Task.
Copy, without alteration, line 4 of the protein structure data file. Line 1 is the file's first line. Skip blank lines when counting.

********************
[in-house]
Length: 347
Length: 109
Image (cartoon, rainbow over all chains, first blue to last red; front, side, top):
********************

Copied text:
Image (cartoon, rainbow over all chains, first blue to last red; front, side, top):